Exploring EC1 prototypes how maps, apps and stories can help residents, businesses and visitors explore and engage with the past, present and future of Farringdon and Clerkenwell. These pages and map examples are a first demonstration of what might be possible. David Wilcox
The maps and information sheets
Over the past five years years I've worked with Drew Mackie and Barbara Brayshay, and my son Dan, to explore the use of different types of maps for neighbourhoods and networks. More here about mapping in EC1 and other localities, and here about the Networked City project.
I'm currently using two mapping systems - Maphub and Humap. Click on the images below to open interactive maps in another window. In addition, I've linked markers on the maps to more detailed information sheets, and also curated stories from the EC1 Echo.
I've lived in the Smithfield area for the past 20 years, next door to London's oldest church, St Bartholomew the Great. Back in the 1970's I worked for for the London Evening Standard, which then had offices just off Fleet Street. As planning correspondent I wrote a lot about threats to London's heritage, and plans for future development - some inspiring, some destructive like those for Covent Garden, Piccadilly Circus, and urban motorways.
I confess that I was rather ignorant of the history of this area then - but the Barbican was under construction, and on the Standard we campaigned for inclusion of the Arts Centre, which went through on the narrowest of votes.
Change is coming
A couple of years ago it became evident that Smithfield and Farringdon was going to change. The City of London Corporation declared Farringdon to Moorgate The Culture Mile, linking Barbican Arts Centre with with a partnership of other venues and organisations. Plans emerged to move the Museum of London to the derelict western end of Smith Market, and for the Market itself to move to Dagenham. Crossrail would make this the most accessible spot in London.
As I reported here I met up again with Mike Franks, who I first knew in 1970 when he was an architect-planner on the GLC Covent Garden team. He quit over the destructive plans for development, and founded the pioneering Clerkenwell Workshops. After leaving the Standard I helped Mike secure funding from the Queen’s Silver Jubilee Celebration Committee to develop Clerkenwell's first heritage trail. In 2019 Mike inspired me with his vision of Clerkenwell Commons as an environment for conversation, collaboration and action. Funding from the Peel Institute supported research into how maps could with the Connecting Clerkenwell initiative. The EC1 Echo community newspaper - also supported by Peel - provided the means to report on changes in prospect and to float some ideas. Click images for Echo stories.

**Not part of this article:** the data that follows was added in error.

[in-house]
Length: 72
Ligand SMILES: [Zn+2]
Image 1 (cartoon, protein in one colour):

Heritage sites including London's oldest church and hospital, the historic home of the Knights of St John, and the 14th century Charterhouse.
Pioneering modernist housing and health centre from the 1930s
Clerkenwell Green, venue for radical meetings of Lollards, Chartists and communists over 500 years, and now home to Marx Memorial Library.
Smithfield Meat Market, with an 800-year history, adjacent to the site of burnings and executions of Protestant and Catholic martyrs, and that of "Braveheart" Sir William Wallace. This is also where Wat Tyler, leader of the 1381 Peasants' Revolt met King Richard and was killed after a fight with the Lord Mayor of London.
The Barbican Arts Centre, the Museum of London, and a host of other venues and activities form the City of London's Culture Mile.
The Goldsmith's Centre offers free exhibitions by top craftspeople.
Clerkenwell's cafes, pubs and restaurants of a wide range of eating, drinking and entertainment.
The Peel Institute, committed to building a more connected Clerkenwell through a range of activities, projects and team of community organisers.
The EC1Echo, supported by the Peel and published by Social Spider, provides news, features, photos and listings in print and online connecting Clerkenwell and City
The development of Barts Square, south of Smithfield on the site of former hospital buildings, has created a new residential community with cafes and restaurants.
Smithfield Market will move to Barking, and the Museum of London will develop a new Museum in West Smithfield.
The former market buildings will house a rich mix of retail, food and drink, crafts and performances